In Nautilus, Inc. v. Biosig Instruments, Inc., issued on June 2, 2014, the Supreme Court established a new legal test to determine whether a patent claim satisfies the definiteness requirement of 35 U.S.C. Section 112. More specifically, the Court held “that a patent is invalid for indefiniteness if its claims, read in light of the specification delineating the patent, and the prosecution history, fail to inform, withreasonable certainty, those skilled in the art about the scope of the invention.” (Slip Op. at 1) (emphasis added). The Court also stated that the Federal Circuit’s previous test of indefiniteness, i.e., that a claim was definite so long as the claim is “amenable to construction” and is not “insolubly ambiguous,” does not satisfy the statute’s definiteness requirement. Id. While stating the test to be applied, the Court left it to the Federal Circuit to apply that test in this particular case by remanding the ultimate determination on (in)definiteness. Id. at 14.
Based on the Court’s holding, the key questions raised would, at first blush, seem to be: (1) what constitutes a reasonable certainty to those skilled in the art? and (2) is the “scope of the invention” a broader construct than merely focusing on claim construction of a particular claim term? Given the Court’s remand, no particular guidance was given on these issues at present. Nevertheless, given that the Court’s opinion stated that “[o]ne must bear in mind . . . that patents are ‘not addressed to lawyers, or even to the public generally,’ but rather to those skilled in the relevant art,” Id. at 9 (citations omitted), the Court’s test seems to open the door for an increase in the presentation of expert testimony regarding claim clarity. Notably, despite this implication (and the Court’s citation toMarkman and the indication that claim construction “may turn on evaluations of expert testimony” on page 11 of the opinion), the Court left for another day the appropriate standard of evidentiary review on definiteness. Id. at 13, n. 10.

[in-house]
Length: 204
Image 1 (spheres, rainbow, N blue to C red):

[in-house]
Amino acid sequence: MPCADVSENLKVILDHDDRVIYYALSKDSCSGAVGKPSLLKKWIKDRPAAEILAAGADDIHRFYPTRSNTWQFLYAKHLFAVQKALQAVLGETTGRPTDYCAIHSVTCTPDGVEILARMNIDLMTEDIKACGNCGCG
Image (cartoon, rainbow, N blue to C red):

The practical implications of the Nautilus decision seem to be: (1) the interpretation of the test has been left in the first instance to the Federal Circuit and the district courts, and (2) given the need to interpret the test, the number of invalidity challenges based on indefiniteness are likely to increase because the previous standard “tolerate[d] some ambiguous claims but not others.” Id. at 1. It is likely that claim construction proceedings (and the corresponding indefiniteness challenges) will see more expert declarations and/or reports submitted given the focus of the test on “those skilled in the art.” Additionally, arguments that the scope of the overall claim is unclear (even if the specific terms of a claim are capable of construction) also may become more frequent.